President Obama is coming back to the Bay Area to raise money early next month, but that’s not the big story.
Tickets for the event range from $250 to $10,000, but that’s not the big story, either.
The big story is that Kanye West is rumored to be the musical guest at this Oct. 10 fundraiser at San Francisco’s Warfield Theater – perhaps marking a new warming in the often-troubled diplomatic relationship between Yeezy and B. Barry Bams.
The leader of the free world first jabbed at rap’s biggest ego back in 2009, after West famously commandeered Taylor Swift’s microphone during her acceptance speech at the Video Music Awards.
The Commander-in-Chief repeated the same epithet in a 2012 interview with the Atlantic, in noting that he preferred Jay Z to Kanye.
“Although I like Kanye,” Obama continues, with an easy smile. “He’s a Chicago guy. Smart. He’s very talented.” He is displaying his larger awareness of the question, looking relaxed, cerebral but friendly, alive to the moment, waiting for me to get to the heart of the matter.
“Even though you called him a jackass?,” I ask.
“He is a jackass,” Obama says, in his likable and perfectly balanced modern-professorial voice. “But he’s talented.”
“I don’t think it’s very appropriate for the president of the United States to be commenting really on pop culture,” says Kim when I bring up the president’s comments. Of course, her husband had previous beef with America’s commander-in-chief; Obama calling West a “jackass”, after he’d leapt on stage and interrupted Taylor Swift’s Moonman acceptance speech at the 2009 MTV Video Music Awards.
“I mean, calling people ‘jackass’?” Kim makes a face as if she’s bitten into a soft, ripe peach and hit a piece of grit. “I guess everyone is entitled to their own opinion – even him. I was just like, ‘Why is he even commenting on this?’ OK, sure, just the fact that the president of the United States even knows who I am, and is talking about whether his kids watch our show is pretty cool…” Kim laughs, but is defiant. “He can say whatever he wants. I’m not affected by it.”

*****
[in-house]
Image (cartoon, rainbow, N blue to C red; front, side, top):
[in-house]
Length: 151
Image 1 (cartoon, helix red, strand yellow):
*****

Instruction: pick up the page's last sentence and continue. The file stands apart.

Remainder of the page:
Then, during a stream-of-consciousness lecture at Oxford University in March, Kanye claimed POTUS occasionally calls him up to chew the fat: “Obama calls the home phone, by the way.”
Days later, Obama told Jimmy Kimmel he has met Kanye only twice. “Look, I love his music. He’s incredibly creative. I don’t think I’ve got his home number.”
But Kanye soon doubled down on his claim to TMZ: “I love Obama. He called our house before. He knows that. Don’t try to pit us against each other.”
And of course, Kanye announced at last month’s Video Music Awards that he wants Obama’s job.
“If my grandfather was here right now he would not let me back down! I don’t know I’m fittin’ to lose after this,” he said. “It don’t matter though, cuz it ain’t about me. It’s about ideas, bro. New ideas. People with ideas. People who believe in truth. And yes, as you probably could have guessed by this moment, I have decided in 2020 to run for president.”
So this Oct. 10 event in San Francisco is nothing less than a diplomatic summit of epic proportions, a touchstone moment in American politics and entertainment, a burying of the hatchet that could change the course of U.S. history. Perhaps… an early 2020 endorsement!?!
Or – Kanye will do a few songs, Obama will make off with some serious lucre for the Democratic National Committee, and we’ll all roll on.